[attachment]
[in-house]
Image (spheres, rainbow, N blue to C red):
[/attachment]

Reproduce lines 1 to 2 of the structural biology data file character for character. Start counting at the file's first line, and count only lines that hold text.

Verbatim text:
[in-house]
Image (spheres, rainbow, N blue to C red):